A 78‐year‐old woman presented with 1 month of weakness and falls. She had had a 50‐pound weight loss over the previous year. Previously, she was diagnosed with breast cancer and treated with a lumpectomy, chemotherapy, and radiation. She moved to Texas following Hurricane Katrina and was lost to follow‐up. She had a 62‐pack‐year history of smoking. She had decreased strength in both lower extremities. Otherwise, the physical exam was unremarkable. Chest x‐ray was suspicious for 2 masses in the left lung. Chest CT confirmed 2 masses (5 × 6 and 2.3 × 2.6 cm) and many lymph nodes and sub‐pleural nodules in both lung fields. There were multiple nodular densities in the right breast. Ultrasound revealed 2 lesions in the right breast. Ultrasound‐guided biopsy revealed moderate to poorly differentiated squamous cell carcinoma with squamous pearl formation, without any evidence of mammary tissue. Tumor cell markers were consistent with a primary pulmonary etiology. Biopsy of the lung mass revealed scattered squamous cells that expressed p63. The patient was diagnosed with primary squamous cell lung carcinoma metastatic to the right breast.
Breast and lung masses are both frequently encountered in internal medicine. Breast cancer is the most commonly diagnosed malignancy in Louisiana women, whereas lung cancer, on the rise, is the second most prevalent. In patients with a previous history of breast cancer, there is a greater risk for treatment‐related second primary carcinoma, especially in patients who receive radiation therapy. The reported patient received radiation therapy as a part of her breast cancer treatment 9 years earlier. In addition, she had a significant smoking history, putting her at a greatly increased risk for a second primary malignancy, namely, lung cancer.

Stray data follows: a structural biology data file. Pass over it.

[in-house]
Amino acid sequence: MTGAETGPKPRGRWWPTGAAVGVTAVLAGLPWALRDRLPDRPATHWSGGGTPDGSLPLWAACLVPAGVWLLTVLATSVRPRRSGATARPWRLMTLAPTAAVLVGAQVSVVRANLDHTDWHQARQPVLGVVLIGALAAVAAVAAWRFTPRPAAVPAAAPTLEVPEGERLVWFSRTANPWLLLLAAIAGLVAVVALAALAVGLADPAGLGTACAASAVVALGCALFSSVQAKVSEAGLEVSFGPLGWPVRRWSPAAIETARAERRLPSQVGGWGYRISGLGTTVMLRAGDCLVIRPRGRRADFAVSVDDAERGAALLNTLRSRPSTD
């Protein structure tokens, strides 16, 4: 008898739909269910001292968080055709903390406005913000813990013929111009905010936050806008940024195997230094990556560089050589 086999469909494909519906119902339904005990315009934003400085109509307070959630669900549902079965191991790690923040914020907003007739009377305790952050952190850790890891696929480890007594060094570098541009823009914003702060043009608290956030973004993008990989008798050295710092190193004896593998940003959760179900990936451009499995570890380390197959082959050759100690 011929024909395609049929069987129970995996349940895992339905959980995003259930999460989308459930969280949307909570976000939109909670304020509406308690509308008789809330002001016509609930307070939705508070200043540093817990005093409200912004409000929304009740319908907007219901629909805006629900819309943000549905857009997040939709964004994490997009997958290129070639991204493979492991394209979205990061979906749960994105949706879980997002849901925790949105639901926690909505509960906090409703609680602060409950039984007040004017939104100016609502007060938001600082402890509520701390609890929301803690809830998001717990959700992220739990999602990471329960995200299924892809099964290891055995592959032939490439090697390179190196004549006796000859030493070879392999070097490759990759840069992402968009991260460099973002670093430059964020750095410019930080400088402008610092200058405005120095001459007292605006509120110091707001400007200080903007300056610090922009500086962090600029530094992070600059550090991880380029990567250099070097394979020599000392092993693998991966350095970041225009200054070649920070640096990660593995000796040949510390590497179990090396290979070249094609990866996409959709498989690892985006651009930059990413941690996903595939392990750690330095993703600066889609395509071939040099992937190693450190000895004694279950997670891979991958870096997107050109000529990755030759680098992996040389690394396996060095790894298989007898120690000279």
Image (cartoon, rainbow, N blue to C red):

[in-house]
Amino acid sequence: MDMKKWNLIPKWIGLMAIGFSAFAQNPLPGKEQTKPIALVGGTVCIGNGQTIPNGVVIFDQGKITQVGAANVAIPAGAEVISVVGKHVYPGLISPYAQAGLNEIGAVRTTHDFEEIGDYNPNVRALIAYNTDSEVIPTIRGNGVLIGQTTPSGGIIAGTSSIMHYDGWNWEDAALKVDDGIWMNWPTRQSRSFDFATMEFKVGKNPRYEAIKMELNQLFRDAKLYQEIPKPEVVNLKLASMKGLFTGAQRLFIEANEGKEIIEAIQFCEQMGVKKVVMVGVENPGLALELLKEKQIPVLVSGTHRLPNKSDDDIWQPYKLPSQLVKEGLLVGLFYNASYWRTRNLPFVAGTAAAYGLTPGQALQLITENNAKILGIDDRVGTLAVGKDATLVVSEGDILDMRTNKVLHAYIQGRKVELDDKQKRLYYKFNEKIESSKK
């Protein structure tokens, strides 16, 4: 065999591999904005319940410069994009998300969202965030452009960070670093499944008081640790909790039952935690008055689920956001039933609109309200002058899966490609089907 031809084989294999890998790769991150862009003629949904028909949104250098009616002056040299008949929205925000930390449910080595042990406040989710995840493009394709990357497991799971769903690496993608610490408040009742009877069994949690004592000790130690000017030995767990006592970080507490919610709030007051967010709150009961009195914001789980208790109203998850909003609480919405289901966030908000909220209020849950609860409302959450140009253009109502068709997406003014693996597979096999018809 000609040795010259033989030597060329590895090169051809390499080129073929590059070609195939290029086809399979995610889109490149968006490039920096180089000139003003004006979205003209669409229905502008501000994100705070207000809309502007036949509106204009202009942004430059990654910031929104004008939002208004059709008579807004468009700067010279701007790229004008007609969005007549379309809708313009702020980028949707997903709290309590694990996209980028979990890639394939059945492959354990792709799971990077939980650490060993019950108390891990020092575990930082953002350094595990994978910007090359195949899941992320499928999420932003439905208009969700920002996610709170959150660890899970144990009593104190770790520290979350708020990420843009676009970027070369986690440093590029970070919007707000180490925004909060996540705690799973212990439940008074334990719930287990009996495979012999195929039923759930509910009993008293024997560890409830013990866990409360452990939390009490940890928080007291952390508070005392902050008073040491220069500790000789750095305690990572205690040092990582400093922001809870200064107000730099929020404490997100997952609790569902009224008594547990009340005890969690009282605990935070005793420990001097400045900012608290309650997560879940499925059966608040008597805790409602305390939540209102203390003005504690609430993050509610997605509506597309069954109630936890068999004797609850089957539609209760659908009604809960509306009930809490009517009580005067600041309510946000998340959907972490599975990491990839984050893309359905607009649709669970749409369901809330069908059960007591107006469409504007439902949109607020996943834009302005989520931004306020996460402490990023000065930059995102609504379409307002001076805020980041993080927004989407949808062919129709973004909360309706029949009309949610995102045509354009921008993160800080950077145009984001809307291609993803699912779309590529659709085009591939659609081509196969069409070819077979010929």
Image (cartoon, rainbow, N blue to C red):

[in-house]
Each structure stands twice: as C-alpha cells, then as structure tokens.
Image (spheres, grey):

In general, metastases to the breast from extramammary sites are rare. Shetty, Ahmed, and Khan discovered only 431 cases of extramammary carcinoma metastatic to the breast over a course of 138 years. Of these cases, lung cancer was the second most likely primary site to metastasize to the breast. In addition, a Taiwanese case report from 2008 reported the incidence of squamous cell carcinoma metastasizing to the breast. When faced with a patient with a breast mass, physicians cannot overlook the possibility that the mass could be metastatic from an extramammary site. In addition, it is important when evaluating new lesions in breast cancer patients to take into account smoking and treatment history. New primary lesions and metastases thereof should be on the differential.
M. Sheen ‐ none
To cite this abstract:Sheen M. When Tumor Is the Rumor (The Converse Can Also Be True). Abstract published at Hospital Medicine 2011, May 10-13, Dallas, Texas. Abstract 392. Journal of Hospital Medicine. 2011; 6 (suppl 2). https://www.shmabstracts.com/abstract/when-tumor-is-the-rumor-the-converse-can-also-be-true/. Accessed January 18, 2020.